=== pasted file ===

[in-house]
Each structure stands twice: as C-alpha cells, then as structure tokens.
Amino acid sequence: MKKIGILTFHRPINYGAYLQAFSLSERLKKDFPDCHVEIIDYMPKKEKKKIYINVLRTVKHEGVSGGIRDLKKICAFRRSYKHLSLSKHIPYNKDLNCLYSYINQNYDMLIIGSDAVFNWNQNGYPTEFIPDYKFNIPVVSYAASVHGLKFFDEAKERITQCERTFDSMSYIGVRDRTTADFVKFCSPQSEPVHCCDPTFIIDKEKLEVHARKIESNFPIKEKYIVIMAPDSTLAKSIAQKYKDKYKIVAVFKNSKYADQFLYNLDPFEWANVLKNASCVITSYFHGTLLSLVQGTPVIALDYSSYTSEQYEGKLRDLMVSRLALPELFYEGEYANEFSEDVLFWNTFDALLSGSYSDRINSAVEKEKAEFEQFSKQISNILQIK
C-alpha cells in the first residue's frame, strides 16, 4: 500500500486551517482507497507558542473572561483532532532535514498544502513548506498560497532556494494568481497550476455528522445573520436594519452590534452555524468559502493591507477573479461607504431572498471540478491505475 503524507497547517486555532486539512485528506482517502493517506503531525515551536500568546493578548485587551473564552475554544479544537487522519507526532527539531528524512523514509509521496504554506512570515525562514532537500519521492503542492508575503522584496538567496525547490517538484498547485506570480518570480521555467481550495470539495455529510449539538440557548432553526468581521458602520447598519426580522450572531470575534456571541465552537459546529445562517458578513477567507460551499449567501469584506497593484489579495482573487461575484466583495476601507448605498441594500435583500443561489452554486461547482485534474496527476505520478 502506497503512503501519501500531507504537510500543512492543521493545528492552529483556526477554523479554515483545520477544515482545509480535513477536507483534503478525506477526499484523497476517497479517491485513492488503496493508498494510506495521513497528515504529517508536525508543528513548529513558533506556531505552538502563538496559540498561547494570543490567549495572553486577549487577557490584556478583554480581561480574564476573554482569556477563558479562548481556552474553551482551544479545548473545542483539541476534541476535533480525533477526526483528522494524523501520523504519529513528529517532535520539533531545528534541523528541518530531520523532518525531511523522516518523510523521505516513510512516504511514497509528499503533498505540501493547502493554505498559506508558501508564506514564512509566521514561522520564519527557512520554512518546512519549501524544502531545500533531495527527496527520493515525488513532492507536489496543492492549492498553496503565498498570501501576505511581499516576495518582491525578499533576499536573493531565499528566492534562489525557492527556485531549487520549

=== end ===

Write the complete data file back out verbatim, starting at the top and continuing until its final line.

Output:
[in-house]
Each structure stands twice: as C-alpha cells, then as structure tokens.
Amino acid sequence: MKKIGILTFHRPINYGAYLQAFSLSERLKKDFPDCHVEIIDYMPKKEKKKIYINVLRTVKHEGVSGGIRDLKKICAFRRSYKHLSLSKHIPYNKDLNCLYSYINQNYDMLIIGSDAVFNWNQNGYPTEFIPDYKFNIPVVSYAASVHGLKFFDEAKERITQCERTFDSMSYIGVRDRTTADFVKFCSPQSEPVHCCDPTFIIDKEKLEVHARKIESNFPIKEKYIVIMAPDSTLAKSIAQKYKDKYKIVAVFKNSKYADQFLYNLDPFEWANVLKNASCVITSYFHGTLLSLVQGTPVIALDYSSYTSEQYEGKLRDLMVSRLALPELFYEGEYANEFSEDVLFWNTFDALLSGSYSDRINSAVEKEKAEFEQFSKQISNILQIK
C-alpha cells in the first residue's frame, strides 16, 4: 500500500486551517482507497507558542473572561483532532532535514498544502513548506498560497532556494494568481497550476455528522445573520436594519452590534452555524468559502493591507477573479461607504431572498471540478491505475 503524507497547517486555532486539512485528506482517502493517506503531525515551536500568546493578548485587551473564552475554544479544537487522519507526532527539531528524512523514509509521496504554506512570515525562514532537500519521492503542492508575503522584496538567496525547490517538484498547485506570480518570480521555467481550495470539495455529510449539538440557548432553526468581521458602520447598519426580522450572531470575534456571541465552537459546529445562517458578513477567507460551499449567501469584506497593484489579495482573487461575484466583495476601507448605498441594500435583500443561489452554486461547482485534474496527476505520478 502506497503512503501519501500531507504537510500543512492543521493545528492552529483556526477554523479554515483545520477544515482545509480535513477536507483534503478525506477526499484523497476517497479517491485513492488503496493508498494510506495521513497528515504529517508536525508543528513548529513558533506556531505552538502563538496559540498561547494570543490567549495572553486577549487577557490584556478583554480581561480574564476573554482569556477563558479562548481556552474553551482551544479545548473545542483539541476534541476535533480525533477526526483528522494524523501520523504519529513528529517532535520539533531545528534541523528541518530531520523532518525531511523522516518523510523521505516513510512516504511514497509528499503533498505540501493547502493554505498559506508558501508564506514564512509566521514561522520564519527557512520554512518546512519549501524544502531545500533531495527527496527520493515525488513532492507536489496543492492549492498553496503565498498570501501576505511581499516576495518582491525578499533576499536573493531565499528566492534562489525557492527556485531549487520549